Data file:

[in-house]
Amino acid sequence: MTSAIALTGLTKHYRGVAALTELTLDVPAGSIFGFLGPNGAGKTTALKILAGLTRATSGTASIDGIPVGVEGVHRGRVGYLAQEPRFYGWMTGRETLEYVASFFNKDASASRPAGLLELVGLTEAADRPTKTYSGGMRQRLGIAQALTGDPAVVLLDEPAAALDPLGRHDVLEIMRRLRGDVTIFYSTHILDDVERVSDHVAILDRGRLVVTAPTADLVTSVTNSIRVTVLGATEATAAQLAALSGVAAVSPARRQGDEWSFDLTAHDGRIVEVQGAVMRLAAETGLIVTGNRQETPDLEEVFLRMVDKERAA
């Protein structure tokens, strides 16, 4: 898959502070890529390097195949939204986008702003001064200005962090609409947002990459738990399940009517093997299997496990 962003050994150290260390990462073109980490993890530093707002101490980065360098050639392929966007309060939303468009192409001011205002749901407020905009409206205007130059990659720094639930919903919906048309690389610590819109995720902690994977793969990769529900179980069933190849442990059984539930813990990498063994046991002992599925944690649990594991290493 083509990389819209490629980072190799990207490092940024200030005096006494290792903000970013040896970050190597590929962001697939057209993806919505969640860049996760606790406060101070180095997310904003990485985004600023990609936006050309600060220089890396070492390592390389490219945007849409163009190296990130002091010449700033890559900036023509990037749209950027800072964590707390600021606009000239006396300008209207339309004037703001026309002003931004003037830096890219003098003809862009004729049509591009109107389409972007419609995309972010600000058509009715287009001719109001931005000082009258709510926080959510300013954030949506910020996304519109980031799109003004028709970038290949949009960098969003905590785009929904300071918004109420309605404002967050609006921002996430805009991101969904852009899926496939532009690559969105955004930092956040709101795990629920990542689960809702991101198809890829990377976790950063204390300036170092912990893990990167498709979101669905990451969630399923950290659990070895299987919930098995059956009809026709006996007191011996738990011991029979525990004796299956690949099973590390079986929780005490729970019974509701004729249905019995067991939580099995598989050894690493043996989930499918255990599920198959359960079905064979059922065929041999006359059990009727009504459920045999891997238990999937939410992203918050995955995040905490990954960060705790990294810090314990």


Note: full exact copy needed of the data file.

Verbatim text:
[in-house]
Amino acid sequence: MTSAIALTGLTKHYRGVAALTELTLDVPAGSIFGFLGPNGAGKTTALKILAGLTRATSGTASIDGIPVGVEGVHRGRVGYLAQEPRFYGWMTGRETLEYVASFFNKDASASRPAGLLELVGLTEAADRPTKTYSGGMRQRLGIAQALTGDPAVVLLDEPAAALDPLGRHDVLEIMRRLRGDVTIFYSTHILDDVERVSDHVAILDRGRLVVTAPTADLVTSVTNSIRVTVLGATEATAAQLAALSGVAAVSPARRQGDEWSFDLTAHDGRIVEVQGAVMRLAAETGLIVTGNRQETPDLEEVFLRMVDKERAA
């Protein structure tokens, strides 16, 4: 898959502070890529390097195949939204986008702003001064200005962090609409947002990459738990399940009517093997299997496990 962003050994150290260390990462073109980490993890530093707002101490980065360098050639392929966007309060939303468009192409001011205002749901407020905009409206205007130059990659720094639930919903919906048309690389610590819109995720902690994977793969990769529900179980069933190849442990059984539930813990990498063994046991002992599925944690649990594991290493 083509990389819209490629980072190799990207490092940024200030005096006494290792903000970013040896970050190597590929962001697939057209993806919505969640860049996760606790406060101070180095997310904003990485985004600023990609936006050309600060220089890396070492390592390389490219945007849409163009190296990130002091010449700033890559900036023509990037749209950027800072964590707390600021606009000239006396300008209207339309004037703001026309002003931004003037830096890219003098003809862009004729049509591009109107389409972007419609995309972010600000058509009715287009001719109001931005000082009258709510926080959510300013954030949506910020996304519109980031799109003004028709970038290949949009960098969003905590785009929904300071918004109420309605404002967050609006921002996430805009991101969904852009899926496939532009690559969105955004930092956040709101795990629920990542689960809702991101198809890829990377976790950063204390300036170092912990893990990167498709979101669905990451969630399923950290659990070895299987919930098995059956009809026709006996007191011996738990011991029979525990004796299956690949099973590390079986929780005490729970019974509701004729249905019995067991939580099995598989050894690493043996989930499918255990599920198959359960079905064979059922065929041999006359059990009727009504459920045999891997238990999937939410992203918050995955995040905490990954960060705790990294810090314990």